I watched Terminator 3 last night. It’s the worst in the series but that’s still better than watching another Guyon-National lovefest*. Which is a long way of saying I didn’t see the Bill English ‘debate’ on TVNZ7 last night. But apparently the most interesting part of it was English didn’t rule out changes to taxation on investment properties. Labour’s David Cunliffe and the Green’s Russel Norman supported such moves. So, whoo, consensus.
Of course, no-one’s asked John Key yet and he has a nasty habit of reflexively shutting down debate over anything politically risky by emphatically ruling it out. And a habit of cutting his deputy off at the knees.
Basically, the tax changes would ring-fence housing investment losses from other income, so landlords can’t avoid tax by negatively gearing their investments (the rent doesn’t cover the interest). The Reserve Bank of Australia has identified negative gearing as the prime cause of housing unaffordability because it has allowed the wealthy to push houses prices out of the reach of the rest of us (creating a bubble at the same time).
The Tax Working Group says ring-fencing won’t raise a whole heap of money – $500-$900 million a year. Enough to pay for a small off-setting tax-free bracket ($1300-$2400) but it would probably be better used to support public services and decrease the amount we need to borrow to fund the government deficit.
When Australia introduced ring-fencing (temporarily) it had the expected effect of reducing housing speculation. This should have resulted in depressed house prices, deflating the bubble, and allowing more people to own their own homes but house prices actually continued rising because construction slowed with less investor demand and rents rose because there were fewer landlords and those there were could no longer afford to negatively gear. If that becomes an issue here, the government can always build more state houses with its increased revenue to keep the supply of rentals up and rents down.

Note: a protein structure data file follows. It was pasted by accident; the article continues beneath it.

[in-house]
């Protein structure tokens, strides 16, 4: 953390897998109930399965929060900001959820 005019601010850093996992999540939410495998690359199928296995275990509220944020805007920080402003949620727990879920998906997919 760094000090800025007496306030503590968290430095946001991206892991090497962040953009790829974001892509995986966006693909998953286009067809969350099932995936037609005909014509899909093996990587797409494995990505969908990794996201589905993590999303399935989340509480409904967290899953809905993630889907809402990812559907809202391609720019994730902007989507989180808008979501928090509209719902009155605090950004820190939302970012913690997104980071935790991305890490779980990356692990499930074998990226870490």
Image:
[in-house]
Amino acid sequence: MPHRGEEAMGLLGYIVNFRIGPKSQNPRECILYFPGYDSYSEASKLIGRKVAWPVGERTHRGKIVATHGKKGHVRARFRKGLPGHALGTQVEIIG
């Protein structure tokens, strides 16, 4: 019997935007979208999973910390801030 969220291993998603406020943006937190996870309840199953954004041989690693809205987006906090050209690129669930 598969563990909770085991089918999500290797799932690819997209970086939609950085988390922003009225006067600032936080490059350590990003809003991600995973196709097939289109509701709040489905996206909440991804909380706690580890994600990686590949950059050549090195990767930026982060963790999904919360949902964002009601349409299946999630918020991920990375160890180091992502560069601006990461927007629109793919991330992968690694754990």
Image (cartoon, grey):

It’s not good enough that the entire rental industry gets away with paying no net tax. Loss ring-fencing and other measures are a good step to redress that unfairness.
I doubt this government will take up the larger proposals from the Tax Working Group for capital gains and land taxes. Let alone pollution taxes that raise money while encouraging polluters to clean up their act. Really, we should reforming the tax system away from burdening work to punishing pollution and removing the distortions that cause over-investment in land instead of productive capital. Unfortunately, I don’t think this government has the courage to make that kind of real change.
*that reminds me, does anyone watch Q+A any more? I for one am not getting up at 9 on a Sunday to watch softball interviews from Holmes and Guyon.